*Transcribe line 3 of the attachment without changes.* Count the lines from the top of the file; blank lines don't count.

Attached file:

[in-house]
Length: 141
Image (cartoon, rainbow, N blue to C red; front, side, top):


Image (cartoon, rainbow, N blue to C red; front, side, top):